3. III.

    it can be applied to theories beyond general relativity. For instance, given the modified action [16]

    $$\begin{aligned} S_{\mathrm{G}} = S_{\mathrm{EH}}+S_{\mathrm{X}} = \int \left[ \frac{R}{2\,k^2}+\mathcal{L}_{\mathrm{M}}+\mathcal{L}_{\mathrm{X}}\right] \sqrt{-g}\,d^4\,x, \end{aligned}$$

    where \(\mathcal{L}_{\mathrm{M}}\) contains all matter fields in the theory and \(\mathcal{L}_{\mathrm{X}}\) is the Lagrangian density of a new gravitational sector with an associated (effective) energy-momentum tensor

    $$\begin{aligned} \theta _{\mu \nu } = \frac{2}{\sqrt{-g}}\frac{\delta (\sqrt{-g}\,\mathcal{L}_{\mathrm{X}})}{\delta g^{\mu \nu }} = 2\,\frac{\delta \mathcal{L}_{\mathrm{X}}}{\delta g^{\mu \nu }}-g_{\mu \nu }\,\mathcal{L}_{\mathrm{X}}, \end{aligned}$$

    the method in I. allows one to extend all the known solutions of the Einstein-Hilbert action \(S_{\mathrm{EH}}\) into the domain of modified gravity represented by \(S_{\mathrm{G}}\). This represents a straightforward way to study the consequences of extended gravity on general relativity.

In this paper we will apply the procedure I. to the Schwarzschild interior solution in order to build a new interior configuration with non-uniform matter density and anisotropic pressure.

The paper is organised as follows: in Sect. 2, we start from the Einstein equations with cosmological constant for a spherically symmetric stellar distribution and we show how to decoupling two spherically symmetric and static gravitational sources \(\{T_{\mu \nu },\,\theta _{\mu \nu }\}\). After providing details on the matching conditions at the star surface under the MGD-decoupling, in Sect. 3, we implement the MGD-decoupling following the scheme I. to generate the extended version of the Schwarzschild solution; finally, we summarise our conclusions in Sect. 4.

Spherically symmetric stellar distribution

Let us start from the standard Einstein field equationsFootnote 1

$$\begin{aligned} R_{\mu \nu }-\frac{1}{2}\,R\,g_{\mu \nu } +\Lambda \,g_{\mu \nu } = k^2\,T_{\mu \nu }, \end{aligned}$$

where \(\Lambda \) is a positive cosmological constant. The energy-momentum tensor \(T_{\mu \nu }\) in Eq. (2.1) is given by

$$\begin{aligned} T_{\mu \nu } = \hat{T}_{\mu \nu }+\theta _{\mu \nu }, \end{aligned}$$

where \(\hat{T}_{\mu \nu }\) represents the energy-momentum tensor of a perfect fluid, and \(\theta _{\mu \nu }\) adds anisotropic effects on \({T}_{\mu \nu }\). Since the Einstein tensor is divergence free, the total energy momentum tensor \({T}_{\mu \nu }\) must satisfy the conservation equation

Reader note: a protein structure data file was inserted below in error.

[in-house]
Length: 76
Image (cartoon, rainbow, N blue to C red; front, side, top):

$$\begin{aligned} \nabla _\nu \,T^{{\mu \nu }} = 0. \end{aligned}$$

In Schwarzschild-like coordinates, the spherically symmetric metric reads

$$\begin{aligned} ds^{2} = e^{\nu (r)}\,dt^{2}-e^{\lambda (r)}\,dr^{2} -r^{2}\left( d\theta ^{2}+\sin ^{2}\theta \,d\phi ^{2}\right) , \end{aligned}$$

where \(\nu =\nu (r)\) and \(\lambda =\lambda (r)\) are functions of the areal radius r only, ranging from \(r=0\) (the star’s centre) to some \(r=R>0\) (the star’s surface). The cosmological constant can be thought to contribute the stress-energy tensor being responsible for the expansion of the universe, with a non-zero vacuum energy density and negative pressure satisfying \(\rho _{vac}=-p_{vac}=\Lambda /k^2\). Explicitly, the field equations read

$$\begin{aligned}&k^2 \left( \rho +\theta _0^{\,0} \right) +\Lambda = \displaystyle \frac{1}{r^2} -e^{-\lambda }\left( \frac{1}{r^2}-\frac{\lambda '}{r}\right) \ , \end{aligned}$$
$$\begin{aligned}&k^2 \displaystyle \left( -p+\theta _1^{\,1}\right) +\Lambda = \frac{1}{r^2}-e^{-\lambda }\left( \frac{1}{r^2}+\frac{\nu '}{r}\right) \ , \end{aligned}$$
$$\begin{aligned}&k^2 \displaystyle \left( -p+\theta _2^{\,2}\right) +\Lambda \nonumber \\&\quad = \frac{1}{4}e^{-\lambda }\left[ -2\,\nu ''-\nu '^2+\lambda '\,\nu ' -2\,\frac{\nu '-\lambda '}{r}\right] , \end{aligned}$$

while the conservation equation, which is a linear combination of Eqs. (2.5)–(2.7), yields

$$\begin{aligned} -p'-\displaystyle \frac{\nu '}{2}\left( \rho +p\right) +(\theta _1^{\,\,1})'-\displaystyle \frac{\nu '}{2}\left( \theta _0^{\,\,0} -\theta _1^{\,\,1}\right) -\frac{2}{r}\left( \theta _2^{\,\,2}-\theta _1^{\,\,1}\right) = 0, \end{aligned}$$

where \(f'\equiv \partial _r f\).

By simple inspection of Eqs. (2.5)–(2.7), we can identify an effective density

$$\begin{aligned} {\tilde{\rho }} = \rho +\theta _0^{\,0}, \end{aligned}$$

an effective isotropic pressure

$$\begin{aligned} \tilde{p}_{r} = p-\theta _1^{\,1}, \end{aligned}$$

and an effective tangential pressure

$$\begin{aligned} \tilde{p}_{t} = p-\theta _2^{\,2}. \end{aligned}$$

This clearly illustrate that the source \(\theta _{\mu \nu }\) generates an anisotropy

$$\begin{aligned} \Pi \equiv \tilde{p}_{t}-\tilde{p}_{r} =\theta _1^{\,1}-\theta _2^{\,2} \end{aligned}$$